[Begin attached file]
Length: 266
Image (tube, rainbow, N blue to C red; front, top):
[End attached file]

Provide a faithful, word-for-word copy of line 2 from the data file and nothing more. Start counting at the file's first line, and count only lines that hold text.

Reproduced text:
Image (tube, rainbow, N blue to C red; front, top):